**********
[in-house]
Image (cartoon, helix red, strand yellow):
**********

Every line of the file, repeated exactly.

[in-house]
Image (cartoon, helix red, strand yellow):